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#1 albert003   User is offline

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Can you write a txt and then write over it with new txt?

Posted 06 December 2019 - 12:14 AM

My office manager knows nothing about IT/programming, his father is in a higher position and got him that job without him having any technical knowledge. He wanted me to make an inventory program and I started learning about mysql, thinking that would be the best option. He refused and wanted it done in C# (He doesn't want to have to learn how to enter things to use mysql). He just basically wants to enter data and forget about it (Not saving it). Yes, I also mentioned using excel and he refused.

I have an idea how to make an inventory program, I was going to save the data as txt files and then when the information changes write over it, like you would a VCR or audio cassette. My question is whether its possible to do it and how would I write over the old txt?

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Replies To: Can you write a txt and then write over it with new txt?

#2 maceysoftware   User is offline

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Re: Can you write a txt and then write over it with new txt?

Posted 06 December 2019 - 01:36 AM

Database would be the way to go.

But seeing as you have already mentioned that's a no go, what about XML instead of text files? At least it has some sort of structure then, you can read the XML into a object structure, modify the objects through the application and when it's time to save, serialise the XML to text file.
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#3 Skydiver   User is offline

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Re: Can you write a txt and then write over it with new txt?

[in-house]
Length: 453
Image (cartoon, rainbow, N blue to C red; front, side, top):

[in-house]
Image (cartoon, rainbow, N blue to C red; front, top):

Posted 06 December 2019 - 04:58 AM

Actually, I think the issue is that the boss thinks he needs to use MySQL directly. There is no need. You can still write your custom C# code to provide the UI, but save the data into MySQL, or SQLite, or SQL Server Express, or BerkleyDB, or horror of horrors a text file.

The main issue with saving to a text file is that you can't overwrite records easily. There is a very high risk of data corruption as you try to do that overwrite.
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#4 astonecipher   User is offline

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Re: Can you write a txt and then write over it with new txt?

Posted 06 December 2019 - 06:27 AM

I wouldn't use a txt file for that for a number of reasons. Chief among them, if you have even a lite product list, importing and updating the file will get tedious. Without knowing more details, I would probably go with a SQLite datastore so you don't have to add hardware support like a computer on the network acting as a server for the sql instance. SQLite is text files anyway, it's just done where you can query and manipulate the data better. Then do a frontend in whatever and simplify it as much as possible. But you may be fighting a losing battle unless you can get buy in from someone above him regardless.
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#5 albert003   User is offline

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Re: Can you write a txt and then write over it with new txt?